The call for Christians is not for joy to be a periodic experience, but a perpetual one. So twice Paul says, “Rejoice always” (Philippians 4:4; 1 Thessalonians 5:16). And Jesus says, “Rejoice when you’re hated, and persecuted, and reviled, and mistreated, and slandered. That’s no reason to stop” (see Matthew 5:12; Luke 6:23).
Now, we could respond to the statement that joy in the Christian life is not supposed to be periodic, but perpetual by saying it’s not possible, because it is so utterly emotionally contradictory to the pain in this world. Witness the Philippines. Witness the flooding in North Carolina. Witness your own marriage perhaps. You could say, “Just open your eyes, Piper. For goodness’ sake, that’s so crazy unrealistic. Live in the world. Get out more.”
“We don’t judge the Bible. The Bible judges us.”
If you respond like that to the New Testament, Jesus responds to your response one way, and Paul responds in another way, and they both are essentially the same. I’ll give you both of their responses. Jesus responds like this: “No, I don’t speak in contradictions. I will say again what I said in Matthew 5 and Luke 6. It is precisely when you are being reviled, when you’re being persecuted, when you’re being killed, that you’re supposed to rejoice. Not periodically, like: my joy will be up to that point, it’ll stop there, and if I get out, I’ll start again. No, that’s not what I teach.”
Here’s Paul’s response: He gives us a little glimpse into the experience of rejoicing always, which is his command when he says in 2 Corinthians 6:10, I am “sorrowful, yet always rejoicing.” So Paul won’t have it. He won’t let you sequence life like that. He won’t let you. I’m sorrowful and, always in my sorrow, rejoicing.
Now, at one level of our emotional life, there is a sequencing. Psalm 30:5: “Weeping may tarry for the night, but joy comes with the morning.” This is the kind of thing we think about all the time here at Bethlehem. What are you going to do with those two texts? It is an oversimplification of Christian experience to think that joy in God should be only a periodic reality. It’s an oversimplification, and Paul won’t have it. There are levels of rejoicing that are periodic, and there’s another rejoicing that should not be periodic, but right through the night of weeping. Some of you know what I’m talking about.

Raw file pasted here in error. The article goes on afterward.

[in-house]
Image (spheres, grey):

And I would just caution you that if you are at the level of emotional Christian experience where that sounds like meaningless double-talk to you, you need to put your hand on your mouth, and walk with Jesus and his word a few more years through a few more sorrows. We don’t judge the Bible around here. The Bible judges us. When we think the Bible is emotionally contradictory, it’s our problem. We haven’t grown up yet. We haven’t gone deep enough yet. We haven’t lived enough. We haven’t seen enough. Don’t come here if you’re going to judge the Bible. We don’t do that here. We get judged.
“Joy in the Christian life is not supposed to be periodic, but perpetual.”
One of my goals in this message is to help you grow into that kind of emotional maturity, even though I know it takes hard knocks to really do it. But the word must accompany you into those knocks, or you won’t survive.
I’m 72, and I say with the apostle Paul, I have not arrived on this. But one thing I do: renouncing all my past failures and the paralyzing effect of all my past emotional failures — renouncing all that — I press on to grow up into sorrowful yet always rejoicing so I can treat my wife better, my kids better, you better, and know how to live out of that wealth rather than just say, “That can’t be.” So join me as we grow.
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